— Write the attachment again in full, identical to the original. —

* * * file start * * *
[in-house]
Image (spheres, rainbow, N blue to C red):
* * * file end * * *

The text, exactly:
[in-house]
Image (spheres, rainbow, N blue to C red):